Positive Activity – get active, keep yourself busy doing things you enjoy. Particularly helpful is any sort of exercise. You may or may not know that exercise is not really about your body, the effect it has physically is a bonus side effect, the main benefits to exercise are on your mental health. Physical exercise creates serotonin which makes you feel good and makes the connections in your intellect (the positive part of your mind) so you are able to think clearly and positively, it also produces other feel good neurotransmitters and hormones and grows brain cells. But it also burns off the adrenalin which is keeping you locked in the negative part of your brain where you obsess about the loss.
Positive Interaction – you need to be with people. Humans are tribal, we are designed to live in groups and communities, however, these days it is too easy to become isolated with too much time to think. If your life is lacking people in it, get involved with new social activities and groups – even better join a group exercise activity or a team sport and you get a double wammy of feel good hormones and neurotransmitters. I’m sure you’ve experienced this before; you accept an invitation to an evening out, party or social event of some kind, but as the time gets closer you don’t feel up to going for some reason or another, but you can’t think of a good enough excuse to get out of it so you go anyway thinking you’ll just stay for an hour and then make excuses to leave, at least you’ve shown your face. But within that first hour, you’ve forgotten all about wanting to go early and you have one of the best evenings out. There’s a reason for this; when you get amongst other people you create good neurotransmitters dopamine and serotonin that make you feel good because you are doing what humans should do.
Positive thinking – practice thinking about the positive things in your life, switch your focus on to things or thoughts that are good for you. As they say ‘every cloud has a sliver lining’ look for those silver linings, don’t focus on the cloud. Those are the three ‘positive’ things that you can start focusing on, building new positive things into your life where the loss may have left a hole. If something is taken out of your life, it does leave a hole, if you don’t make an effort to fill that hole with something else then you will just keep staring at the hole, thinking about what was there before.
Rule Number 3
Distract Yourself When you’re mind turns to thinking about the things that are stopping you from moving on, you need to focus your mind on something else to distract it. You will know this if you have had children or have small children around – how do you stop them doing something you don’t want them to do? You distract them onto something else, you grab their attention and focus it elsewhere. Do this with yourself – don’t sit in the moment allowing your mind to go over and over things that make you unhappy, if necessary get up and physically move somewhere else, even if that’s just to another room or chair.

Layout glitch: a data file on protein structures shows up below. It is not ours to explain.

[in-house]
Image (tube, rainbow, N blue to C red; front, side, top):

If it’s happening when you can’t do something else or move, for example, when you’re driving or doing manual work, cooking or housework, my best tip is to listen to audio books. This is different from listening to the radio or music because you need to focus with your conscious mind in order to follow the narrative, having the radio or music on in the background only engages your subconscious so your mind wanders off to the past again.
Moving on takes time, you need to allow the negative thoughts to fade away, this will only happen if you stop nurturing them and focus on positive things instead.
People around you may try their best to help, but at the end of the day, it is only you who can take the steps you need to and fill the hole. In order to move on, you need to focus on yourself and get yourself to the best possible physical and mental condition you can, you need to take care of yourself.
Taking care of yourself is not selfish, it is selfless because when you take care of yourself as a priority, then you feel good and you have the internal strength and resources to give to others.